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Published on May 20th, 2008 | by Sarah Lozanova

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3 Reasons Manure is Becoming a Cash Crop

May 20th, 2008 by  


organic farming chemical fertilizerYou know that times are changing when farmers look to manure as a valuable commodity. Pretty soon, manure from a herd may be more profitable than the beef itself. Manufactured fertilizers has tripled in price in the last year, driving farmers to look for alternatives. This is certainly an indicator of a shifting economy.

1. Energy Prices

Fertilizers are a very energy intensive product. Nitrogen fertilizers are commonly made from petroleum or natural gas. The potash and phosphates in the fertilizers are derived from mining, which also requires a lot of energy. Finally, the finished product needs to be transported and we know all about high gas prices.

2. Fertilizer Demand in China and India

China and India have increasingly been depending on fertilizer, causing a spike in demand. The price of fertilizer has climbed to $750 a ton.

3. Bans on U.S. Beef

In December, 2003 the U.S. beef export market saw a steep decline. Mexico, Canada, Japan, and Korea comprise over 90% of the beef export market in the U.S., with all countries significantly reducing beef imports in 2004. Japan was the single largest importer of beef and their ban on U.S. beef continues. This is driving cattle farmers to find other valuable uses for their cows, such as fertilizer.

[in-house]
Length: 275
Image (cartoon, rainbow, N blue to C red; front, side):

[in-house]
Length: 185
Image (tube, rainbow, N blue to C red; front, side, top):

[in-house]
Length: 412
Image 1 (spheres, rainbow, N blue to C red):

A decreased reliance on manufactured fertilizers and a return to more traditional farming techniques could have its benefits. Algal blooms caused by chemical fertilizers, like the one in the Mississippi delta can harm fish populations. Fertilizers frequently find their way into ground water, thus contaminating drinking water supplies.

The farming industry has been undergoing significant changes from the rise in biofuels, leases for wind farms, and recent scares over food safety. Now some farmers are returning to more traditional methods, such as the use of manure. It makes me wonder, what is next?

Related Posts on Agriculture:

Cows Aren’t Legos: Sassy Insights From an Organic Dairy Farmer

Composting en Masse Helping Fight the Green Fight

Bye Bye Fertilizer, Let Your Waste Work for You  
 
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About the Author

is passionate about the new green economy and renewable energy. Sarah's experience includes work with small-scale solar energy installations and utility-scale wind farms. She earned an MBA in sustainable management from the Presidio Graduate School and is a co-founder of Trees Across the Miles, an urban reforestation initiative. When she can escape the internet vortex, she enjoys playing in the forest, paddling down rivers, or twisting into yoga poses.



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